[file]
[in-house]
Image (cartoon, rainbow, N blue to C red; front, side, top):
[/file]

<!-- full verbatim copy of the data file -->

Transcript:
[in-house]
Image (cartoon, rainbow, N blue to C red; front, side, top):